Prodding Within EU Member Countries: the Case of Germany

In March 2012, the University of Stuttgart established that German citizens waste 82 kg of food/per person/per year, with private households discarding a total of 6.7 million tons of food per year, equivalent to about 230 euros/person. Meanwhile the Federal Ministry of Food and Agriculture (BMEL) embarked in the initiative “To good for the bin!” aimed at reducing food waste through a joint effort along the entire value chain. The initiative consists in a public information campaign based on video messages, a dedicated website that offers background information and useful tips for everyday life, and an app “Zu gut für die Tonne” which enables to prepare 400 delicious meals from leftovers with the help of celebrity mentor chefs. Furthermore, BMEL, Slow Food Deutschland e.V. and the Bundesverband Deutsche Tafel organise nationwide action days against food waste under the title “Wir retten Lebensmittel!” (“We save Food!”). On such days, discarded food is collected from producers and supermarkets. Then it is carefully prepared to become a tasty “best leftover menu” consumed by citizens in the shape of a street banquet.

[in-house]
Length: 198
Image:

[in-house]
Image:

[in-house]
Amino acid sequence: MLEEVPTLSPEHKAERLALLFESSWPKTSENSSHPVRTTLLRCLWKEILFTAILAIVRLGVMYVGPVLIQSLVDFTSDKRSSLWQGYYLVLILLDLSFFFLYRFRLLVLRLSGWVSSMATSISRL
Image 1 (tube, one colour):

A survey conducted by the Consumer Research Association GfK on behalf of the Federal Ministry of Food and Agriculture in October 2014 measured the results of the campaign. Apart from establishing that one out of two German citizens were aware of the campaign, according to the survey 58% of respondents now pay more attention to what they buy to avoid generating waste, 46% intend using more of their leftover food, and 36% pay greater attention to correct storage practices. 

From an industrial perspective, the German National Research Strategy – Bioeconomy 2030, Our RouteTowards a Biobased Economy, indicates that most issues raised by waste food generation shall be overcome through the advent of the bio-economy. More specifically, food and organic wastes will become feedstock for the new booming bio-industry. Although there is no detailed masterplan to that effect, there are many signs that this is indeed the path to the future. Although, as already happens for primary food production used as a source of energy, it will certainly continue to raise considerable public debate. 


Don’t waste bread!, Clarke & Sherwell Ltd - Ministry of Food, 1914–1919


The French Touch

France took an altogether different tack. According to the French Ministry of the environment, food waste has doubled since 1974 and today French citizens waste 20 kilograms of food per person per year. Out of these 20 kilograms, 7 consist of unpackaged yet-to-be-consumed goods. Altogether, between 100 euros and 160 euros per citizen and per year go to the garbage can and, apart from other impacts, effectively deplete household income by a total of 12 to 20 billion euros. 

In 2010, the French National Waste Council installed a working group on waste prevention to suggest possible actions to curb food waste. The Council came up with a number of recommendations aimed at linking the national waste prevention strategy with the national food program, specifically comprising the: